• 1997 - The Marching 100 represented the State of Florida at the second Inaugural Parade of President Bill Clinton in Washington, D.C..
  • 1997 - A New York Times Article: "50 Years as a Marching Band Guru." Referring to Dr. William P. Foster.
  • 1997 - The Florida A & M University Marching Band appeared on a Florida Crossroads program entitled, "The Marching 100" which aired on Florida PBS TV.
  • 1997 - The Book, "America's Band of Legend" was published by the Florida A & M University Music Department.
  • 1998 - Dr. William P. Foster retired after fifty - two years of service to the university, the state of Florida, the nation, and the world. As of August 9, 1998 he now holds the position of Emeritus Professor, Chairman of the Music Department, Emeritus and Director of Bands, Emeritus. His legacy, influence, and presence is still being felt as The Marching 100 continues to break ground and receive national attention and awards under the direction of Dr. Julian E. White, who is a former student of Dr. Foster.
  • 1998 Dr. Julian White,former student band member / Drum Major takes over as Director of Bands.
  • 1998 Dr. Shelby Chipman joined the staff as Assistant to the Director of Bands
  • 1998 - Ms. Dennine White joined the staff as Director of Flutes and Piccolos
  • 1999 - The Florida A & M University Music Department releases the video entitled "The Revolution" which captures the "passing of the baton" from Dr. William P. Foster to Dr. Julian E. White.
  • 1999 - The Marching 100 Alumni Association was reorganized by former band member / Drum Major Victor Gaines.
  • 2000 - The Marching 100 recorded its first CD.
  • 2001 - Harold Byrd, Executive Director of the William P. Foster Foundation, published the book "The Man Behind The Baton", which is a 230 page biography of Dr. Foster's life.
  • January 2003 - The Marching 100 was selected as the first band to represent the MEAC at Inaugural Honda Battle of the Bands in Atlanta.
  • 2003 - Former band student / Head Drum Major, Diron Holloway joined the staff as Director of Saxophones.
  • October 2003 - ESPN's Kieran Darcy states, "The Marching 100 is the Best Band in the Land."
  • 2004 - Director of Bands Dr. Julian E. White was a recipient of the Thurgood Marshall Outstanding Achiever Award which was presented by the Fed Ex Orange Bowl Committee.
  • January 2004 - The Marching 100 was selected as one of the top 10 bands to perform at the Honda Battle of the Bands in Atlanta.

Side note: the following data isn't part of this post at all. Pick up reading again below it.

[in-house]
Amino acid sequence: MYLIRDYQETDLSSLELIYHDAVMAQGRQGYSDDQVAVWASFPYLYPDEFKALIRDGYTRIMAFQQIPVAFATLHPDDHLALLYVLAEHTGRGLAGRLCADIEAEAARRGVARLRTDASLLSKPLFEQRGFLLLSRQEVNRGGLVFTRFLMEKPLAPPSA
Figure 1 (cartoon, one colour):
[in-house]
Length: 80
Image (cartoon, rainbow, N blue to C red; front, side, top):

• February 2004- Performed a halftime show for the NBA Dallas Mavericks in Dallas, Texas.
  • 2004- John Robinson joined the staff as Director of Clarinets and Double Reeds.
  • January 2005 - The Marching 100 was selected as one of the top 10 bands to perform at the Honda Battle of the Bands in Atlanta.
  • February 2005 - The Marching 100 performed at Super Bowl XXXIX.
  • January 2006 - The Marching 100 was selected as one of the top 10 bands to perform at the Honda Battle of the Bands in Atlanta.
  • 2006 - The Marching 100 and Dr. William P. Foster were honored on their 60th Anniversary by Victor Gaines the Florida A & M University Alumni Band Association.
  • February 2006 - 20 Members of the Marching 100 performed at the Grammy Awards with Kanye West and Jamie Foxx in Los Angeles. The show was broadcast nationally on CBS TV.
  • 2006 - The Atlanta Constitution named The Marching 100 "The Best Band."
  • 2006 - Members of The Marching 100 performed at The American Music Awards.
  • February 4, 2007 - The Marching 100 Performed at Super Bowl XLI with recording artist "Prince" in Miami.
  • January 2, 2007- The Marching 100 performs for the 44th Governor of Florida, Charlie Crist, at his Inaugural Parade.
  • March 2007 - The Marching 100 performed for Presidential Candidate, Senator Barack Obama, in Tampa, Florida.
  • 2007 - Anthony Simons joins the staff as Director of Lower Brasses.
  • August 2007 - The Marching 100 performed for Presidential Candidate, Senator Barack Obama, in Tallahassee, Florida.
  • November 2007 - The Marching 100 appeared on a Florida Crossroads program entitled, "Making The Band: The FAMU Marching 100" which aired on Florida PBS TV.
  • July 2008 - The Marching 100 was featured in the NY Times for its band camps.